North Korea’s Kim orders military to prepare for ‘possible war’

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North Korean leader Kim Jong Un wrapped up the year with fresh threats of a nuclear attack on Seoul and orders for a military arsenal build-up to prepare for a war that can “break out any time” on the peninsula, state media reported Sunday.

Kim lambasted the United States during a lengthy speech at the end of five days of year-end party meetings that set his country’s military, political and economic policy decisions for 2024.

The meeting announced plans for further military development in the coming year, including launching three more spy satellites, building unmanned drones and developing electronic warfare capabilities, as well as strengthening nuclear and missile forces, according to the official Korean Central News Agency (KCNA).

This year, Pyongyang successfully launched a reconnaissance satellite, enshrined its status as a nuclear power in its constitution and test-fired the most advanced intercontinental ballistic missile (ICBM) in its arsenal.

Kim accused the United States of posing “various forms of military threat” and ordered his armed forces to maintain the “overwhelming war response capability,” according to KCNA’s account of the meeting that ended on Saturday.

The meeting concluded that it is a “fait accompli that a war may break out on the Korean peninsula any time due to the enemies’ reckless moves for invading the DPRK,” KCNA said, using the acronym of the North’s official name.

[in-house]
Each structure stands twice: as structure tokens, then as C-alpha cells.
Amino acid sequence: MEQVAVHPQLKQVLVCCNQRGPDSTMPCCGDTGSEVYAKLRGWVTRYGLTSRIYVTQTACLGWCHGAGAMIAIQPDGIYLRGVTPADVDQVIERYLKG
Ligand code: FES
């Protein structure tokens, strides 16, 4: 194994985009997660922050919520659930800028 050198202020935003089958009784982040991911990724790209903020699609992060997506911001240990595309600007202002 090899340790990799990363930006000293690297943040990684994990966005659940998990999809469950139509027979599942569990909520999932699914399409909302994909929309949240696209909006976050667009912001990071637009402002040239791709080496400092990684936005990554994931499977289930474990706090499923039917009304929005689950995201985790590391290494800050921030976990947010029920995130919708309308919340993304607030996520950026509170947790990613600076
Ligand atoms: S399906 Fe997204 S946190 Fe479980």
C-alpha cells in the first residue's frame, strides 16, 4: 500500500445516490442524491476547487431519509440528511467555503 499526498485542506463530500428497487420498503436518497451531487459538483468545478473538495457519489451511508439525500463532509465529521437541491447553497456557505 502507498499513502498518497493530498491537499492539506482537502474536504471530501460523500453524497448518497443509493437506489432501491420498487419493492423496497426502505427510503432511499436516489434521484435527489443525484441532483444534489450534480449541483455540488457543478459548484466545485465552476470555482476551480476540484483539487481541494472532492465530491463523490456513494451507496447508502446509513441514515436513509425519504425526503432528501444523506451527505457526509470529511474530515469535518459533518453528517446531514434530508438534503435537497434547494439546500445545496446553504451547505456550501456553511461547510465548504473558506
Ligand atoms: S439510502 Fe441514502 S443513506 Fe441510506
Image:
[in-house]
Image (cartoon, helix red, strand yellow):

In an effort to deter Pyongyang, Washington deployed a nuclear-powered submarine in the South Korean port city of Busan this month and flew its long-range bombers in drills with Seoul and Tokyo.

The North has described the deployment of Washington’s strategic weapons, such as B-52 bombers, in joint drills on the Korean peninsula as “intentional nuclear war provocative moves.”

The military “should rapidly respond to any possible nuclear crisis and put continuous spurs to the preparations for a great event to suppress the whole territory of south Korea by mobilizing all physical means and forces including nuclear forces in contingency,” Kim said.

Kim told the meeting he would no longer seek reconciliation and reunification with South Korea, noting the “uncontrollable crisis” that he said was triggered by Seoul and Washington.

Inter-Korean relations have deteriorated to a low point this year, with Pyongyang’s spy satellite launch prompting Seoul to partially suspend a 2018 military agreement aimed at defusing tensions.

Kim said it would be a mistake to regard South Korea “who publicly defined us as the ‘principal enemy’… as the partner of reconciliation and reunification,” according to KCNA.

Kim also ordered the drawing-up of measures for reorganising departments handling cross-border affairs to “fundamentally change the principle.”

Leif Easley, a professor of international relations at Ewha University in Seoul, said the emphasis on North Korea’s “significant military capabilities” was likely aimed at hiding its poor economic achievements this year.

“Much of what state-controlled media publishes is recycled propaganda,” he said, adding, “Pyongyang’s bellicose rhetoric suggests its military moves are not only about deterrence but also domestic politics and international coercion.”

Pyongyang declared itself an “irreversible” nuclear power in 2022 and has repeatedly said it will never give up its nuclear weapons programme, which the regime views as essential for its survival.

The United Nations Security Council has adopted many resolutions calling on North Korea to halt its nuclear and ballistic missile programmes since Pyongyang first conducted a nuclear test in 2006.

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